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Keith T Oldham
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Keith T Oldham, MD


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    Dr. Oldham completed undergraduate studies at the University of North Carolina as a John M. Morehead scholar in 1971. He received his M.D. from the Medical College of Virginia, completed general surgical residency at the University of Washington, Seattle, and trained in pediatric surgery at the University of Cincinnati Children's Hospital Medical Center. Dr. Oldham served on the faculty at the University of Michigan until 1991 when he was appointed Professor and Chief of the Division of Pediatric Surgery at Duke University. He remained at Duke until 1998 when he was recruited to the Marie Z. Uihlein Chair of Pediatric Surgery and the position of Surgeon-In-Chief at the Children's Hospital of Wisconsin. He has been a member of the American Pediatric Surgical Association (APSA) since 1985 and was elected Secretary in 1997 and President in 2012. He served as Chair of the Organization of Children's Hospitals Surgeons-in-Chief 2010-2012. He is actively involved in clinical outcomes and healthcare quality research, including previous service as Chair of the ACS National Surgical Quality Improvement Program-Pediatrics Steering Committee. He is the Medical Director of the American College of Surgeons Children's Surgery Verification Program and Chair of the Verification Committee.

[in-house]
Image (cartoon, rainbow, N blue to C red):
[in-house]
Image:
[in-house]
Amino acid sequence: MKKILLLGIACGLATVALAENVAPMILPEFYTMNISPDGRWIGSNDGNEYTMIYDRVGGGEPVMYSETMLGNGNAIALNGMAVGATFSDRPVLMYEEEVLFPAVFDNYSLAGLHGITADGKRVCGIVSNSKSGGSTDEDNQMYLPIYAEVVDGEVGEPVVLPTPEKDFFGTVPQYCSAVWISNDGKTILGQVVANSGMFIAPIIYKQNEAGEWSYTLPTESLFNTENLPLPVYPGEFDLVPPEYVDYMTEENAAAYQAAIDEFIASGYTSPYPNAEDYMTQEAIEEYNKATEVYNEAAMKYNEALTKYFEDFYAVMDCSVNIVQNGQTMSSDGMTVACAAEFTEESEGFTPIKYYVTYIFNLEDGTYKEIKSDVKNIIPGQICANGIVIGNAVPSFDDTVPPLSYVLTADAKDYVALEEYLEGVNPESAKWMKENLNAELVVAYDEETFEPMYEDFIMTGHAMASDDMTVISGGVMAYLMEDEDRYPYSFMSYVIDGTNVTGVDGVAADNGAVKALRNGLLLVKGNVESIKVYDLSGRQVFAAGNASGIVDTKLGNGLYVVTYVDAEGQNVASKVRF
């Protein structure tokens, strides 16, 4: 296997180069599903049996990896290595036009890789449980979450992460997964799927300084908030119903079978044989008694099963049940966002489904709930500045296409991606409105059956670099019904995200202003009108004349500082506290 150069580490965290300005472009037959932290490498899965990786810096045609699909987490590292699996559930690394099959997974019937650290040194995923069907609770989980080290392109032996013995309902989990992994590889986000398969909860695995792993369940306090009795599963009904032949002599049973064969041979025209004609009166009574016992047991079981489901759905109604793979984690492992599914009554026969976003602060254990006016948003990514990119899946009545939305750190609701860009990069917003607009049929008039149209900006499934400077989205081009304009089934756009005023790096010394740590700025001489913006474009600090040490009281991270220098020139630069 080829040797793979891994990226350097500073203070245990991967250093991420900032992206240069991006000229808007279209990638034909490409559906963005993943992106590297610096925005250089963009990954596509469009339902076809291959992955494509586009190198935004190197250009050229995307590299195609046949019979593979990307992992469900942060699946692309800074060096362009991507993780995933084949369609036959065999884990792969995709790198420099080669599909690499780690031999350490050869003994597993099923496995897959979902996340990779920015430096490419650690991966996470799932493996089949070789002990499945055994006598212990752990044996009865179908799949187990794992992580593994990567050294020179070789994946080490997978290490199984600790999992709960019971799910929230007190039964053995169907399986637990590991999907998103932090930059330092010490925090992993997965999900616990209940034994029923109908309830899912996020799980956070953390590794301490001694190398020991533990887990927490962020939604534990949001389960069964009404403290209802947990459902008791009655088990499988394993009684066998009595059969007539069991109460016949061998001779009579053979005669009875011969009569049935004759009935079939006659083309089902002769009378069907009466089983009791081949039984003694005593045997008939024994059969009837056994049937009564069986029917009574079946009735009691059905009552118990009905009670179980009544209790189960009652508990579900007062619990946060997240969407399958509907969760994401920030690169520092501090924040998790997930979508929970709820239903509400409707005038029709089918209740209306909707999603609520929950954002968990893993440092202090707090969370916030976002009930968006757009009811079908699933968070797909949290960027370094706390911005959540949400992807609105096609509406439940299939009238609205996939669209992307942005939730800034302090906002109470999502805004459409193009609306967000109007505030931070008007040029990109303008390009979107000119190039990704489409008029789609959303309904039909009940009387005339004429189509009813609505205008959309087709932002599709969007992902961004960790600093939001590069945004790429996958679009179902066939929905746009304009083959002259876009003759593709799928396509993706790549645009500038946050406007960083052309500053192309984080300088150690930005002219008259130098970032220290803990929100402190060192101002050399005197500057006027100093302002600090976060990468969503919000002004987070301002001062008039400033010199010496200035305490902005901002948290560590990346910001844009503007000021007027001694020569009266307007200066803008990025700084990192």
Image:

• Pediatric Surgery, Surgery

    Areas of interest

    • Pediatrics
    • Surgery
    • Abdominal wall defects
    • Anorectal Malformations
    • Chest Wall Deformity Pectus Carinatum Pectus Excavatum
    • Colorectal pediatric surgery
    • Complex laparoscopic and thorascopic surgeries
    • Congenital anomalies and neonatal surgery
    • Congenital Bowel Obstruction (Atresia and Malrotation)
    • Congenital cysts of the mediastinum
    • Congenital Lobar Emphysema
    • Congenital lung cysts
    • Diaphragmatic hernia
    • Endocrine surgery
    • Gastroesophageal reflux
    • Genitourinary tract surgery
    • Head and neck surgery
    • Hernia repair
    • Hirschprungs disease
    • Imperforate anus
    • Inflammatory bowel disease
    • Intestinal surgery
    • Minimally invasive pediatric surgery
    • Neonatal anomalies
    • Oncology
    • Post-operative care
    • Trauma
    • Tumors
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